• auditory system;
  • critical period;
  • frequency tuning curves;
  • inhibitory sidebands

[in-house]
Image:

Temporary impairment of the auditory periphery during the sensitive period of postnatal development of rats may result in a deterioration of neuronal responsiveness in the central auditory nuclei of adult animals. In this study, juvenile rats (postnatal day 14) were exposed for 8 min to intense broad-band noise; at the age of 3–6 months, the excitatory and inhibitory response areas of neurons in the central nucleus of the inferior colliculus were recorded under ketamine–xylazine anaesthesia in these animals and compared with those of age-matched controls. The response thresholds were similar in the exposed and control animals. The frequency selectivity of low-frequency neurons was comparable in both groups; however, high-frequency neurons had significantly wider excitatory response areas in the exposed rats, indicating disrupted development of high-frequency hearing. Forty-one per cent and 25% of neurons in exposed animals and in controls, respectively, lacked a distinct inhibitory area; these neurons had similar frequency selectivity in the exposed and control rats. As the presence of an inhibitory sideband was associated with sharper frequency tuning in both groups, it appears that lateral inhibition substantially influences neuronal frequency selectivity. If present, the inhibitory areas had comparable bandwidths in both groups; however, they were shifted to the side in the exposed animals, allowing the expansion of the excitatory areas. The results indicate that a brief exposure of juvenile rats to noise leads to a significant worsening of the frequency selectivity of inferior colliculus neurons in adult animals; the poorer frequency selectivity may be due to missing or displaced inhibitory sidebands.